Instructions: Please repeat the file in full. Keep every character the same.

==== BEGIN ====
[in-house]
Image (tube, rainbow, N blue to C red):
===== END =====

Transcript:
[in-house]
Image (tube, rainbow, N blue to C red):